This is part three of my interview with Chris Hardwick. Clike the following links to find Part One & Part Two. In part three Chris and I talk about podcasting. Podcasting is a platform I want to get deeper into, so I found part three to be a very educational interview for me. In the event you don't go back and check out parts 1 and 2 of the interview, Chris has his first ever hour long stand up special "Mandroid" airing November 10th on Comedy Central, be sure to check that out.
If you want to listen to the entire podcast version of this interview check it out here:
Zoiks!: In the last year or two I’ve really started to get into podcasting, you guys, Kevin Smith, Marc Maron, etc. What got you into podcasting?
Chris Hardwick: I’d worked in radio in the 90’s and I always missed radio. The thing I really didn’t like about radio is there’s a cap on it. Your radio career is only going to really be as big as the city you’re in, unless you can be syndicated which very few people achieve. It felt limiting in that way. With podcasting there really is no ceiling on it. Theoretically you could reach most of the people in the world. There was that aspect to it and then just the ability to express myself in that way. There’s not a lot of stand up to do on television anymore like there was in the 80’s. Your job as a comic is to get your voice into the world as much as possible so that people can see what you’re about and make a decision to come see you live or not. Because there is not a lot of stand up to do on television anymore, it’s harder and harder for comics to achieve getting their voice in the world. You can make You Tube videos; digital culture in general has created so much more opportunity for us with social networks. You can get your comedy out through Twitter, if you have a website, the blogosphere is dying down a bit now from what it was in the mid 2000’s, but it is still possible. You can make You Tube videos and of course podcasts. I think comics just need to express their voice. It’s just a weird need we have to express our voice to as many people as possible. It just allows us to do that.
I thought about doing a podcast for about two years before I did it. I could never figure out what the show was. I thought it had to be structured like a radio show and have segments and be produced. I thought who’s going to do that? Who’s going to pay for that? What’s the show going to be? Then doing Pardo’s show, Maron’s show and Doug Benson’s show and then when Carolla left radio and he started a podcast, I don’t know I just had a moment of clarity one day where I was just like, you can just talk. You can just talk with funny people and have conversations and sort of talk the way you do back stage at comedy shows. The podcast to me is basically just like…we have guests on. It’s sort of like an hour long conversation with someone that you have on the phone for the first time that you’re really interested in being friends with. It’s very conversational in that way. Then on episodes where it’s just Matt (Mira), Jonah (Ray) and I…the other two guys on the show regularly, then it’s just like a dick around session. It’s basically just like the way that we hang out if we were to go get food at a diner or talk back stage at a comedy show. It really is, podcasting is very intimate in that way, it feels like you’re just hanging out with people and that’s a really comfortable thing to listen to as a fan of podcasts, that’s one of the things I enjoy about it.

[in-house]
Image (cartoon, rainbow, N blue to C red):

Z!: Who do you credit with the recent surge in podcasting popularity? Is it any one guy, is it you all as a collective?
CH: I credit iTunes, because before iTunes made podcasts easy to get, there was a very early…you had to get files, there were open source formats you could get it in and players you could play them in or you could do what “This American Life” did, I think they were streaming in real audio in like 98. There were certainly ways to do it. Your audience was a lot smaller and it was harder. Podcasting still sounded like Ham Radio to people, like it was a hobby thing that you do that a handful of other people can get and do, but there’s no real wide audience for it. Once iTunes made the delivery system easy and accessible and put it more in the forefront then all of the sudden podcasts started to pop.